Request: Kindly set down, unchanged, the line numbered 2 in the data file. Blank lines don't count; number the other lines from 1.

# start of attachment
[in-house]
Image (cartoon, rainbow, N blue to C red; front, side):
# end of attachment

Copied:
Image (cartoon, rainbow, N blue to C red; front, side):